Lesson Learned - Busts fantasysharks.com Jan 04 '13
It's easy to call a player a bust. Simply look at where he was drafted and where he finished. If his fantasy point production didn't match or exceed his average draft position, then we cuss his name for the rest of eternity, vowing never to draft him again.
Again, that's the easy approach. However, our goal from one season to the next is to learn from past mistakes and apply them to the future. We do so by exploring the reasons he had a down season. Below is a small list of players who qualified as a bust, along with knowledge gained.
Maurice Jones-Drew; During the preseason every fantasy outlet from here to Beijing was warning us about the injury history of players who holdout through the entire preseason. We read names like Steven Jackson, Larry Johnson, Darrelle Revis and Dorsey Levins (for you old-schoolers). But an ADP in the mid/late second round was simply too appealing for a guy who led the league in rushing the year before. Lesson learned.
Brandon Lloyd; Many opined that Lloyd was set for a stellar season thinking, "If he can finish number one in fantasy scoring with Kyle Orton and Josh McDaniels, just think what he'll do with Tom Brady and Josh McDaniels" (myself included). However we failed to realize that Lloyd was the only receiving threat while in Denver, meaning he led the Broncos in targets. In New England Lloyd was third in the "target pecking order" behind Wes Welker and whichever tight end was healthy. The sudden increase in rushing attempts didn't help matters. Lesson learned.
Ryan Mathews; This is an easy one. The term "injury prone" isn't the Madden Curse, it's a reality. Certain players have a propensity for injury like me and Playboy. Other names come to mind such as Darren McFadden or DeMarco Murray, but Mathews had the worst of it by far. We should also note a severely depleted offensive line working against Mathews. If injuries weren't a part of football, each of the guys listed would be a solid top 10 pick. But I digress. Lesson learned.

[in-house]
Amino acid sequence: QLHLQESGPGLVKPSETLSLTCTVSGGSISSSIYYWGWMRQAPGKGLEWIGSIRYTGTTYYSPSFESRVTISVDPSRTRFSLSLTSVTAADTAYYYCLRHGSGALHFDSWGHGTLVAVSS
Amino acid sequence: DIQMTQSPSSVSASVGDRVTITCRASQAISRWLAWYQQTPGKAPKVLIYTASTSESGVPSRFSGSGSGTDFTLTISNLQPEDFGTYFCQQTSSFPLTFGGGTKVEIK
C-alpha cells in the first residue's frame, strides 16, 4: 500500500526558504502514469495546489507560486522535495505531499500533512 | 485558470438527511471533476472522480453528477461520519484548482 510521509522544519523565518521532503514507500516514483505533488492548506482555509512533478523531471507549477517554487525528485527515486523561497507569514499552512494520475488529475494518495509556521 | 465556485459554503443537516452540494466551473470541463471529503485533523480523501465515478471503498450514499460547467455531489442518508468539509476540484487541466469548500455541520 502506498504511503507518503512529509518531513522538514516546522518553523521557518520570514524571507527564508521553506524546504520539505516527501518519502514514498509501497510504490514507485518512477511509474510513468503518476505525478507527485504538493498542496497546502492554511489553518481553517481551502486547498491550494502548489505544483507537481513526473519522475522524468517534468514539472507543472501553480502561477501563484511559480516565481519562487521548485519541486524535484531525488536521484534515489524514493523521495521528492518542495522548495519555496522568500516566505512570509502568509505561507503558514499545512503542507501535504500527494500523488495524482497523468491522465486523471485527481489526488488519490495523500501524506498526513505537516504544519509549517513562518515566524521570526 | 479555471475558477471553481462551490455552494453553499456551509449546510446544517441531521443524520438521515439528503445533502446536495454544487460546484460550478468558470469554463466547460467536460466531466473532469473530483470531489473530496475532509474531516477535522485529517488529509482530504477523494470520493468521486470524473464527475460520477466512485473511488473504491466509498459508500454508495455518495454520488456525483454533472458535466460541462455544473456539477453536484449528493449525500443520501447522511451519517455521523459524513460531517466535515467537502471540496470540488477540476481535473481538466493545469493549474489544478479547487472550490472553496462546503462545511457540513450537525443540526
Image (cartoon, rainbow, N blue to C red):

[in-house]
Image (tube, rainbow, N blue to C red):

Larry Fitzgerald; Oh, poor Larry. Perhaps the most physically gifted of all wide receivers, Fitz was hung out to dry by the torturous rotation of quarterbacks down in the desert (Dwayne Bowe also makes this list). Wide receivers devoid of a competent signal caller are severely limited by a lack of team talent. Fitzgerald might have been better off throwing the football to himself. Lesson learned.
Philip Rivers; Not the highest of draft picks, but managers who snagged Rivers early in the sixth round thought they had struck gold with the onetime Pro Bowler. What they actually found was a fugazi. Rivers struggles are easily attributed to the declining talent of his receivers (you can thank AJ Smith). Remember back in the preseason, the Chargers were pinning their hopes on Robert Meachem, Malcolm Floyd and the aging Antonio Gates, while letting Vincent Jackson walk in free agency. Even a moderately talented Danario Alexander quickly surpassed both on the depth chart. Had Vincent Brown not gotten injured, maybe Rivers season could have been salvaged. Like Ryan Mathews mentioned above, a paper thin offensive line didn't help matters. Lesson learned.
These are just a handful of the players whose pre-draft expectations went up in smoke. If you had a player on your team who made the s**t list, instead of leaving a nasty message on facebook, take a look back and determine why his season ended so poorly. Perhaps you might even find a lesson learned.